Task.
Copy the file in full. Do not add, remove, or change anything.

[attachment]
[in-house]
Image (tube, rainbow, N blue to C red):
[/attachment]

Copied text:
[in-house]
Image (tube, rainbow, N blue to C red):